The highlight of the evening was a one-man performance of Lewis’s The Great Divorce by a Philadelphia actor, Anthony (Tony) Lawton. He played all the parts, and the performance was absolutely riveting (even the right side of the audience was silent in rapt attention). The extent of the appreciation was shown in that almost immediately afterwards buttons appeared saying “Tony Lawton Fan Club.” He wrote a nice note thanking us for all of our attention, which he posted on the dormitory’s bulletin board.

After the evening program was over, I returned to the dorm to take part in the Bardic Circle. Tim Callahan read his poetry; Diana Paxson brought her harp and played a short piece based on Lewis’s poetry; another fan brought his guitar and sang a song. I recited one of my exercises from voice class: a brief but heartwarming story about a man and his saw, in which there are essentially only two words: wood and saw.

The next evening featured a costume competition, in which Deb Jones won for “best of show” as Orual from Lewis’s novel Till We Have Faces, and conference chair Diana Glyer won a prize for appearing as “The Silver Chair.” This year’s Sizzling Egrets (Eleanor Farrell and Lynn Maudlin) reviewed, among other items, “Malacandra Attacks!” a fictional film version of Lewis’s Out of the Silent Planet, allegedly made by Ed Wood (rediscovered and remade by Tim Burton) and filled with wonderful cheesy special effects. Lynn Maudlin wrapped up the evening with her special songs, including one of her most notable songs, “If You Can’t Live Without Me, Why Aren’t You Dead?”

Saturday’s programming began with taped greetings from Owen Barfield (recorded prior to his passing late last year) and a guest of honor speech by Verlyn Flieger about the significance of Barfield’s work. Afternoon events included “The Dead Inklings” panel in which various individuals portrayed J. R. R. Tolkien, Dorothy Sayers, Charles Williams, and Warnie and Jack Lewis. They took questions from the audience, remaining in character. Later, Tony Lawton coordinated a dramatic reading of Barfield’s play, Orpheus.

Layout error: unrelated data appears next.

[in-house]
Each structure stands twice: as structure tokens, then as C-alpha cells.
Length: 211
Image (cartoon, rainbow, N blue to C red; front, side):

Saturday evening was the banquet. We sang “Happy Birthday” to C.S. Lewis, and birthday cake was served. Traditional food sculptures were created: that evening, the head table was presented with “A Beef Observed,” “A Question of Thyme,” and a map of Perelandra rendered in leftovers. Verlyn Flieger excitedly accepted the Mythopoeic Scholarship Award for Inklings’ Studies for A Question of Time. The banquet speaker, David Payne, talked about his memorization of Lewis’s A Grief Observed, and how that had affected him and the audiences to which he had recited the work. After the banquet an amusing piece titled St. Cecilia’s Day 1963, in which Kennedy, Lewis, and Huxley met in the afterlife, was performed in the dorm.

Sunday was quite a day. The Mythopoeic Society members’ meeting was just after lunch, and as Chair it was my pleasure to preside. The members’ meeting was scheduled to last 90 minutes; since a number of members wished to discuss topics further, it lasted 3 hours. Many members had thoughtful suggestions as to what they wanted the Mythopoeic Society to do and how they wanted it to thrive. In particular, members were receptive to the idea of a Mythopoeic Society listserv (e-mail list), which may be implemented by 1999.

The Sunday evening program showcased the Not-Ready-for-Mythcon Players. The performance was essentially the X-Files meets That Hideous Strength: Scully and Mulder investigate the practices of the evil organization N.I.C.E.

In all, it was a most enjoyable and productive experience. I saw members that I haven’t seen face-to-face for some time, did a lot of fan networking, and I even bought the official t-shirt! My thanks to all who made Mythcon 29 possible!

Reprinted from the September 1998 issue (35:9) of Mythprint.